cancer cell
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Reporting in The EMBO Journal, researchers at the Francis Crick Institute in London have uncovered a crucial mechanism that cancer cells use to survive in low oxygen environments, paving the way for novel therapeutic strategies to prevent treatment resistance.

The study focused on the immediate response of cancer cells when deprived of oxygen, a condition commonly found within solid tumors due to poor blood supply. While most cells can adapt to low oxygen levels by altering their energy production pathways, cancer cells show remarkable resilience in such environments, often leading to treatment resistance.

Important to this adaptation process is a protein called HIF1α, controlling the activation of genes involved in alternative energy production pathways when oxygen levels are low. However, until now, the mechanisms enabling cancer cells to sustain their energy demands in the critical hours following oxygen deprivation remained unknown.

In their experiments, the researchers discovered that within three hours of oxygen deprivation, cancer cells ramp up a process called glycolysis, which involves breaking down glucose to generate energy. Surprisingly, even when HIF1α production was genetically halted, glycolysis still increased, suggesting the existence of additional factors supporting this rapid adaptation.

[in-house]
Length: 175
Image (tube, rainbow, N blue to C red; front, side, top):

Further investigation revealed the crucial role of two enzymes, LDHA and GOT1, in facilitating glycolysis under oxygen-limiting conditions. These enzymes, already present in cells under normal oxygen levels, act as reserves, ensuring a swift response to oxygen deprivation. Strikingly, the researchers found that inhibiting both LDHA and GOT1 was more effective at killing cancer cells in low oxygen environments compared to targeting either enzyme alone.

According to the scientists, these findings have significant implications for cancer therapy. As treatment-resistant cancer cells are often located in oxygen-deprived regions within tumors, targeting LDHA and GOT1 could offer a way to selectively eliminate these cell populations. Importantly, because normal cells rely less on these enzymes, the potential side effects on healthy tissues could be minimized.

Dimitrios Anastasiou, group leader of the Cancer Metabolism Laboratory at the Crick, emphasized the significance of this approach, stating, “Our research highlights a vulnerability for cancer cells in the first few hours of becoming cut off from oxygen.” Fiona Grimm, the study’s first author, likened the strategy to addressing a supply and demand imbalance, targeting cancer cells precisely when their need for LDHA and GOT1 is highest.

Looking ahead, the researchers are collaborating with pharmaceutical giant GSK to identify small molecules capable of inhibiting these critical enzymes. The ultimate goal is to develop targeted therapies that disrupt cancer cells’ adaptive mechanisms in low oxygen environments, potentially enhancing the efficacy of existing treatments.

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